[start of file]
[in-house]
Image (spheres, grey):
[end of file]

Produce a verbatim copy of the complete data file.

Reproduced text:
[in-house]
Image (spheres, grey):